Poor schools are getting poorer, while the rich get richer, a new study from Duke University finds.
“The average imbalance by race in North Carolina hasn’t really changed,” says Charles Clotfelter, a public policy professor who helped conduct the study. “North Carolina schools are becoming more imbalanced by economics than race. That’s something to worry about.”
It’s something to worry about because, as Clotfelter notes, schools with high percentages of low-income students find it hard to recruit and retain good teachers.
That’s a problem for low-income students, who usually perform worse on tests than their affluent peers, because highly qualified teachers have been shown to be one of the most effective tools for improving the performance of at-risk children.
Essentially, good teachers gravitate toward affluent schools, so creating high-poverty schools means setting yourself up for a dearth of good teachers in the classrooms that need them most. And, apparently, that’s what is happening across the state.
Clotfelter and a team of other researchers in Duke’s Sanford School of Public Policy studied all 100 counties in North Carolina going back to 1994. They found that racial balance had stabilized since the mid-2000s, which ended a trend of schools becoming more racially segregated.
Socioeconomic data showed the reverse trend. The state’s two largest school districts, Wake County and Charlotte-Mecklenberg, showed a particularly sharp divide.
Since 1994, CMS schools have become economically segregated at a rate nearly four times greater than Wake.
The comparison between Wake and CMS is particularly apt, because Charlotte and Wake both used to bus students to achieve socioeconomic diversity. CMS ended its policy in 2002, which has led to more neighborhood-centric schools.
Wake's policy ended in 2010 at the hands of a Republican majority, which had just swept into power. However, the policy was still in effect in 2010-11, the last year studied by researchers.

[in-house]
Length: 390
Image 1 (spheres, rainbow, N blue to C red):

Wake may also move back toward a diversity model now that Democrats have regained control of the Board of Education.
The researchers rated socioeconomic balance by how much individual schools' poverty percentages lined up with the countywide percentage. Free and reduced lunch was used as the indicator for socioeconomic status.
Each school district was given a number to denote its level of imbalance—the larger the number, the more economically segregated the district. CMS scored 0.38 on the scale in 2010-11, while Wake scored 0.13. In 1994-95 the school systems had a virtually identical rate of imbalance. CMS scored 0.12 and Wake scored 0.08.
Sounding the effects of diversity in the classroom often leads to mixed conclusions. Research does not conclusively indicate that socioeconomic diversity automatically leads to better performance for low-income students, who tend to perform far worse than their affluent peers.
However, diversity does lay a good groundwork for success, given that it is difficult to retain and recruit high-quality teachers in poor schools. The conservative counterargument is often to channel additional money into high-poverty schools. Research has shown this can be effective, though liberal policy advocates tend to argue that it’s unsustainable.
Vance County, which sits along the Virginia border, is the most economically segregated school district in the state, the study concludes, with a rating of 0.46. CMS was second highest with its 0.38 rating. Chatham County schools were the seventh most economically segregated district with a score of 0.29. Durham County schools tied for that spot. Orange County schools were well down the list with a score of 0.08.